Raymond Biesinger is well known in the field of Montreal illustration. With regular customers like the Financial Times Weekend magazine and projects in The Economist, Le Monde Diplomatique, WIRED and the Globe & Mail, Biesinger has created a style of his own marked by flat colors on black and white images and a predominance of political and historical subjects, characters and physical males. He agreed to answer our questions.
Baron :How would you describe your work and your style?
Raymond Biesinger: Hmmmm… I'd call it an efficient mix of minimalism and DIY construction. It shuns decoration and it includes things only if they support an argument directly. It tries to stay close to black and white. 99% of the time it has white background and one to four colors of ink. We're in a place where technology is populist and almost anyone can do anything. The interesting thing for me to do is accept limitations and work within them.
B. :How is your typical (work)day like?
R. B. : I wake up at 9 AM, answer e-mails and do business until 10 AM. Then I work on an assignment (either a single image or a set of roughs) until it's done, leaving a few hours in between finishing and quitting time (6 PM) to do odds and ends and personal work. My favorite days are those like today, though, where I have a dozen small things to do instead of one or two big things.
B. :You are self-taught. How did you discover that you wanted to be an illustrator?
R. B. : By accident and practical need. I was studying Eastern European history in university and became involved in the student newspaper as a writer and editor. Eventually, someone suggested that because I could tell a good story, I should try making comic strips. So, I did. Then I did political cartoons. Then I was declined for a job at the paper, and thought "fuck this, I'm going to get hired by real newspapers." So, I sent some samples around and was hired to draw for the Globe & Mail, National Post, Saturday Night magazine and others while still finishing my degree. It was a fantastic part-time job to have while still in school - much better than washing dishes or competing with the many skilled writers for writing jobs in Edmonton.
B. : What are the biggest challenges you face in your work?
R. B. : I have no problem being motivated or finding ideas or finishing things on a deadline. I do have a problem with risk. I started illustrating to make a pay check and pay the rent, and the safest way to do that is to take on assignments. Nowadays it's a struggle to convince myself to make a set of prints or make a book instead of taking on magazine jobs. It's the classic "security versus autonomy" debate. I think a lot of people might be amused that debate still happens in a self-employed and very creative situation. Another thing is that the future of illustration might be uncertain. There are more illustrators than ever, competing for fewer paying assignments than ever. The "cult of free" on the internet is helping reduce fees, as is the desirability of jobs like this that allow for creative self-expression, as well as a few other things. I've written about these things before. It's a great time to have eyes and see beautiful work. It's an increasingly hard time for people who want to support themselves creating that beautiful work.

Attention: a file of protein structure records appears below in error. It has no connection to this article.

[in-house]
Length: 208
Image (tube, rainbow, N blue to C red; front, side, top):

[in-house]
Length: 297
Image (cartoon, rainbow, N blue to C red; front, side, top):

B . :You have worked and still work for American and European clients. How did you find those clients?
R. B. : Just by doing good work, being easy to work with and sending postcards to everyone I've ever wanted to work with. Geography really doesn't matter at all anymore. Most of these relationships were started when I still lived in Edmonton, a place most people outside of Canada have never heard of and people simply do not seek culture from. Canada Post and a website are all an illustrator needs these days.
B . :You have done more than 1000 illustrations. Of which ones are you the proudest of and why?
R. B. : Hmmmmm…. The "This is World War One" book illustrations I put together last year are definitely some of my favorites, as are some new city prints (Quebec, Montreal, Ottawa, Toronto) that I just finished up last week. Also, my bands, The Famines, are an absolute joy to build projects around. One more, I made a 28-foot long chart that documents Edmonton's music scene from 1950-2010. I'm sure you can imagine how much research that involves. I find most of the things that I truly love involve minimal color, are self-directed and are heavily driven by concept and research. They are things that nobody else would even think of making.
B. : Where do you find your inspiration(s)?
R. B. : This may sound funny, but I keep my head down. I spend my time reading history and politics and I try to stay away from what other illustrators and artists are doing. I hate that feeling of jealousy or competitiveness that I get when I dwell on other people's visual work. I don't like being that person. My true motivation comes from wanting to flesh out an argument and my means of visually fleshing out that argument comes naturally. I render things the way I do because my technical abilities are limited and I can't do it any other way. That makes things easy, I have no other choice.
B. :On what project(s) are you currently working on?
R. B. : Hmmmm.... What projects am I currently working on? Rebuilding my portfolio, to be far more about quality than quantity. That's boring, though. There's a tremendous project I'm slowly putting together, a history of the Cold War in 125 images and 30000 words. Should be ready in 2015 sometime? That and a mix of assignments those aren’t too special.